Economic Growth Picks Up in 1Q But Not as Much as Hoped

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By Lucia Mutikani

WASHINGTON -- U.S. economic growth regained speed in the first quarter, but not as much as expected, which could heighten fears the already weakening economy could struggle to handle deep government spending cuts and higher taxes.

Gross domestic product expanded at 2.5 percent annual rate, the Commerce Department said on Friday, after growth nearly stalled at 0.4 percent in the fourth quarter. The increase, however, missed economists' expectations for a 3.0 percent growth pace.

Part of the acceleration in activity reflected farmers' filling up silos after a drought last summer decimated crop output. Removing inventories, the growth rate was a tepid 1.5 percent.

Given the smaller-than-expected increase and signs the economy has weakened in recent weeks, the GDP data will probably weigh on U.S. stocks. It could also give ammunition for the Federal Reserve to maintain its monetary stimulus.

The U.S. central bank, which meets next week, is widely expected to keep purchasing bonds at a pace of $85 billion a month.

Data ranging from employment to retail sales and manufacturing weakened substantially in March after robust gains in the first two months of the year. There are indications the weakness persisted into April.

Broad-Based Gains

The GDP report showed contributions to growth from all areas of the economy, with the exception of government, trade and investment by businesses in offices and other commercial buildings.

Consumer spending, which accounts for more than two-thirds of U.S. economic activity, increased at a 3.2 percent pace -- the fastest since the fourth quarter of 2010. It grew at a 1.8 percent rate in the fourth quarter of last year.

However, households cut back on saving to fund their purchases after incomes dropped at a 5.3 percent rate in the first quarter -- a bad sign for future spending growth. The drop in income was the largest since the third quarter of 2009.

The saving rate -- the percentage of disposable income households are socking away -- fell to 2.6 percent, the lowest since the fourth quarter of 2007, from 4.7 percent in the fourth quarter of 2012.

Much of the gains in first-quarter spending came from automobile purchases and outlays for utilities, which were boosted by unusually cold temperatures. Consumers managed to step up their spending despite the return of a 2 percent payroll tax and higher gasoline prices.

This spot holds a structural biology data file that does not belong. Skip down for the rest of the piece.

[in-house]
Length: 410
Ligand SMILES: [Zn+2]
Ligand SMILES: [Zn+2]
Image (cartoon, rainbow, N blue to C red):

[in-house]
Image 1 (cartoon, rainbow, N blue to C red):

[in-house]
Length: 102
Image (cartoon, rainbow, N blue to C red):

Despite the spike in gasoline prices, inflation pressures were benign in the first three months of the year.

An inflation gauge in the government's GDP report rose at a 0.9 percent rate, the smallest increase since the second quarter of 2012. The personal consumption expenditure index had increased at a 1.6 percent pace the fourth quarter.
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A core measure that strips out food and energy costs rose at a 1.2 percent rate, still well below the Fed's 2 percent target. Core PCE had increased at a 1.0 percent rate in the fourth quarter.

The lack of inflation should come as welcome relief for American households, but it could cause some nervousness at the U.S. central bank, which may see it as a symptom of the economy's weakness.

Another big contributor to growth in the fourth quarter was inventory accumulation, which added a full percentage point to GDP growth after chopping off 1.5 points from output in the final three months of last year.

Business spending on equipment and software slowed sharply, growing at an only 3.0 percent rate after a brisk 11.8 percent pace in the fourth quarter.

Economists caution that it is too early to blame the cooling in business investment and other more recent signs of economic softness on the $85 billion in mandatory government spending cuts, known as the sequester, that began on March 1.